Retired Navy Admiral, Other Officials Accused of Trading Classified Information for Sex

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SAN DIEGO (AP) — A retired Navy admiral was among nine high-ranking military officers indicted and arrested Tuesday across the country in a burgeoning bribery scandal involving a Malaysian defense contractor nicknamed “Fat Leonard.”

The indictment unsealed in federal court in San Diego alleged that retired Adm. Bruce Loveless and the other officers accepted the services of prostitutes, lavish meals and fancy trips from Leonard Francis in exchange for classified information that helped his company, Glenn Defense Marine Asia.

It was the latest indictment in the three-year-old case that has charged more than 20 former or current Navy officials so far and marks one of the Navy’s worst corruption scandals in history.

Prosecutors say Francis, whose nickname comes from his wide birth, bilked the Navy out of nearly $35 million — largely by overcharging for his company’s services supplying Navy ships in the Pacific with food, water, fuel and other necessities.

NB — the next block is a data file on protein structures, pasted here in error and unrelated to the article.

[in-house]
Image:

Francis obtained classified information by buying off Navy officers who helped him beat out the competition or steer ships to ports in the Pacific where he could charge fake tariffs and fees, prosecutors said.

The new indictment also charged a former Marine colonel.

The defendants were arrested Tuesday in California, Texas, Pennsylvania, Florida, Colorado and Virginia. Loveless was arrested at his home in Coronado across the bay from San Diego. None of the defendants or their defense attorneys could be immediately reached for comment.

“This is a fleecing and betrayal of the United States Navy in epic proportions, and it was allegedly carried out by the Navy’s highest-ranking officers,” said Acting U.S. Attorney Alana W. Robinson.

She added that “the alleged conduct amounts to a staggering degree of corruption by the most prominent leaders of the Seventh Fleet — the largest fleet in the U.S. Navy — actively worked together as a team to trade secrets for sex, serving the interests of a greedy foreign defense contractor, and not those of their own country.”

Among those charged so far was another admiral who was sentenced in June and is believed to be the first active-duty Naval flag officer charged in federal court.

Francis has pleaded guilty to fraud and is awaiting sentencing.

Twenty of the defendants are current or former U.S. Navy officials and five are company executives of the Singapore-based company. To date, 13 have pleaded guilty while several other cases are pending.

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